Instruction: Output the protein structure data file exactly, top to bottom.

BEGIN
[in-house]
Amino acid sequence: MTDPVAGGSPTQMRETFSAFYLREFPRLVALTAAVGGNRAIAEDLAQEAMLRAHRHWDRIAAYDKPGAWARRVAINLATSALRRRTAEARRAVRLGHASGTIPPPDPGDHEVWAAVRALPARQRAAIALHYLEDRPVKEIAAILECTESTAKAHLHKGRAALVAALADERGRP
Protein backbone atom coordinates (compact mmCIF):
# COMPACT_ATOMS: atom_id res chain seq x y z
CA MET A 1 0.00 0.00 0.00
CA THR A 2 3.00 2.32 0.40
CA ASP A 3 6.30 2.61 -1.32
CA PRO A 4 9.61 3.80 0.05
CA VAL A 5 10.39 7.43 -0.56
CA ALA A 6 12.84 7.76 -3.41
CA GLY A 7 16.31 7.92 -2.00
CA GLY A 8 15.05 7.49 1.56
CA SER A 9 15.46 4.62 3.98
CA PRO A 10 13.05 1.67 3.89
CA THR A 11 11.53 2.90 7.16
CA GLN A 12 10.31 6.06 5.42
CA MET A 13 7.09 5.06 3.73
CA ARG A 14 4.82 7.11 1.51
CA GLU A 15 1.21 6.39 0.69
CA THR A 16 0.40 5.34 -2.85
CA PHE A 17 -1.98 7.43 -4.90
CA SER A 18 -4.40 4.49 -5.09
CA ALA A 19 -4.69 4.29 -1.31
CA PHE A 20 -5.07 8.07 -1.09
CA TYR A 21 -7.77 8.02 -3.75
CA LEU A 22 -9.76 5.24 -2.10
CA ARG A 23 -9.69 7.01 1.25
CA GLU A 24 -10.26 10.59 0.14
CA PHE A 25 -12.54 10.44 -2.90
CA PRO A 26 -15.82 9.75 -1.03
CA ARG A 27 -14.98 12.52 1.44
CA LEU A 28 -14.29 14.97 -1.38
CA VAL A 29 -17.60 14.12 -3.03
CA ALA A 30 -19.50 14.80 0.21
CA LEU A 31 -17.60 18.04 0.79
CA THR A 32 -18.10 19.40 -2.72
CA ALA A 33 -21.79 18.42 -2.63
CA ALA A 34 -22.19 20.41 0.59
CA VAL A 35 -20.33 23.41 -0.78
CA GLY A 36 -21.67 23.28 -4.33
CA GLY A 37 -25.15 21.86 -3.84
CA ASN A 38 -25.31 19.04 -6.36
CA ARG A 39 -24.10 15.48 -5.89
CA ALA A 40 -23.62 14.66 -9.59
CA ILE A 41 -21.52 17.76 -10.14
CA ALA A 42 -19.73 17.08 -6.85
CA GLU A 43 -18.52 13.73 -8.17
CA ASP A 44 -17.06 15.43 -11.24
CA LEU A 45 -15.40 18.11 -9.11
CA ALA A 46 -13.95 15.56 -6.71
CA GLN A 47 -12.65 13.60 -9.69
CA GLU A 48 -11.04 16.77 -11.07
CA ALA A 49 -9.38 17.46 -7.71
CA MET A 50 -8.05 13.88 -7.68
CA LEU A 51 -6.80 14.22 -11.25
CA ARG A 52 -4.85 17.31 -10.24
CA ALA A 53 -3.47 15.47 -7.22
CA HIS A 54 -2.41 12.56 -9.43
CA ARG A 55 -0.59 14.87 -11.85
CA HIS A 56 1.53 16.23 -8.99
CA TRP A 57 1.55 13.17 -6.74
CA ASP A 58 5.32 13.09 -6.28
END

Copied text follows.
[in-house]
Amino acid sequence: MTDPVAGGSPTQMRETFSAFYLREFPRLVALTAAVGGNRAIAEDLAQEAMLRAHRHWDRIAAYDKPGAWARRVAINLATSALRRRTAEARRAVRLGHASGTIPPPDPGDHEVWAAVRALPARQRAAIALHYLEDRPVKEIAAILECTESTAKAHLHKGRAALVAALADERGRP
Protein backbone atom coordinates (compact mmCIF):
# COMPACT_ATOMS: atom_id res chain seq x y z
CA MET A 1 0.00 0.00 0.00
CA THR A 2 3.00 2.32 0.40
CA ASP A 3 6.30 2.61 -1.32
CA PRO A 4 9.61 3.80 0.05
CA VAL A 5 10.39 7.43 -0.56
CA ALA A 6 12.84 7.76 -3.41
CA GLY A 7 16.31 7.92 -2.00
CA GLY A 8 15.05 7.49 1.56
CA SER A 9 15.46 4.62 3.98
CA PRO A 10 13.05 1.67 3.89
CA THR A 11 11.53 2.90 7.16
CA GLN A 12 10.31 6.06 5.42
CA MET A 13 7.09 5.06 3.73
CA ARG A 14 4.82 7.11 1.51
CA GLU A 15 1.21 6.39 0.69
CA THR A 16 0.40 5.34 -2.85
CA PHE A 17 -1.98 7.43 -4.90
CA SER A 18 -4.40 4.49 -5.09
CA ALA A 19 -4.69 4.29 -1.31
CA PHE A 20 -5.07 8.07 -1.09
CA TYR A 21 -7.77 8.02 -3.75
CA LEU A 22 -9.76 5.24 -2.10
CA ARG A 23 -9.69 7.01 1.25
CA GLU A 24 -10.26 10.59 0.14
CA PHE A 25 -12.54 10.44 -2.90
CA PRO A 26 -15.82 9.75 -1.03
CA ARG A 27 -14.98 12.52 1.44
CA LEU A 28 -14.29 14.97 -1.38
CA VAL A 29 -17.60 14.12 -3.03
CA ALA A 30 -19.50 14.80 0.21
CA LEU A 31 -17.60 18.04 0.79
CA THR A 32 -18.10 19.40 -2.72
CA ALA A 33 -21.79 18.42 -2.63
CA ALA A 34 -22.19 20.41 0.59
CA VAL A 35 -20.33 23.41 -0.78
CA GLY A 36 -21.67 23.28 -4.33
CA GLY A 37 -25.15 21.86 -3.84
CA ASN A 38 -25.31 19.04 -6.36
CA ARG A 39 -24.10 15.48 -5.89
CA ALA A 40 -23.62 14.66 -9.59
CA ILE A 41 -21.52 17.76 -10.14
CA ALA A 42 -19.73 17.08 -6.85
CA GLU A 43 -18.52 13.73 -8.17
CA ASP A 44 -17.06 15.43 -11.24
CA LEU A 45 -15.40 18.11 -9.11
CA ALA A 46 -13.95 15.56 -6.71
CA GLN A 47 -12.65 13.60 -9.69
CA GLU A 48 -11.04 16.77 -11.07
CA ALA A 49 -9.38 17.46 -7.71
CA MET A 50 -8.05 13.88 -7.68
CA LEU A 51 -6.80 14.22 -11.25
CA ARG A 52 -4.85 17.31 -10.24
CA ALA A 53 -3.47 15.47 -7.22
CA HIS A 54 -2.41 12.56 -9.43
CA ARG A 55 -0.59 14.87 -11.85
CA HIS A 56 1.53 16.23 -8.99
CA TRP A 57 1.55 13.17 -6.74
CA ASP A 58 5.32 13.09 -6.28